Saturday, April 18, 2015

Featured Research

from universities, journals, and other organizations


Featured Videos

from AP, Reuters, AFP, and other news services

Our Love Of Puppy Dog Eyes Explained By Science

Our Love Of Puppy Dog Eyes Explained By Science

Newsy (Apr. 17, 2015) Researchers found a spike in oxytocin occurs in both humans and dogs when they gaze into each other&apos;s eyes. Video provided by Newsy
Powered by NewsLook.com
Scientists Find Link Between Gestational Diabetes And Autism

Scientists Find Link Between Gestational Diabetes And Autism

Newsy (Apr. 17, 2015) Researchers who analyzed data from over 300,000 kids and their mothers say they&apos;ve found a link between gestational diabetes and autism. Video provided by Newsy
Powered by NewsLook.com
Video Messages Help Reassure Dementia Patients

Video Messages Help Reassure Dementia Patients

AP (Apr. 17, 2015) Family members are prerecording messages as part of a unique pilot program at the Hebrew Home in New York. The videos are trying to help victims of Alzheimer&apos;s disease and other forms of dementia break through the morning fog of forgetfulness. (April 17) Video provided by AP
Powered by NewsLook.com
Common Pain Reliever Might Dull Your Emotions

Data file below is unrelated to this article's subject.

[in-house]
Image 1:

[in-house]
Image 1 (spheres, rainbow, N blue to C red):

Common Pain Reliever Might Dull Your Emotions

Newsy (Apr. 16, 2015) Each week, millions of Americans take acetaminophen to dull minor aches and pains. Now researchers say it might blunt life&apos;s highs and lows, too. Video provided by Newsy
Powered by NewsLook.com

Search ScienceDaily

Number of stories in archives: 140,361

Find with keyword(s):
Enter a keyword or phrase to search ScienceDaily for related topics and research stories.

Save/Print:
Share:

Breaking News:

Strange & Offbeat Stories


Health & Medicine

Mind & Brain

Living & Well

In Other News

... from NewsDaily.com

Science News

Health News

Environment News

Technology News



Save/Print:
Share:

Free Subscriptions


Get the latest science news with ScienceDaily's free email newsletters, updated daily and weekly. Or view hourly updated newsfeeds in your RSS reader:

Get Social & Mobile


Keep up to date with the latest news from ScienceDaily via social networks and mobile apps:

Have Feedback?


Tell us what you think of ScienceDaily -- we welcome both positive and negative comments. Have any problems using the site? Questions?
Mobile: iPhone Android Web
Follow: Facebook Twitter Google+
Subscribe: RSS Feeds Email Newsletters
Latest Headlines Health & Medicine Mind & Brain Space & Time Matter & Energy Computers & Math Plants & Animals Earth & Climate Fossils & Ruins